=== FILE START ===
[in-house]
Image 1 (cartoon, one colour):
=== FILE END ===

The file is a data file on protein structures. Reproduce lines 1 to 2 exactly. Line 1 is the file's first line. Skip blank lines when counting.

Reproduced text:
[in-house]
Image 1 (cartoon, one colour):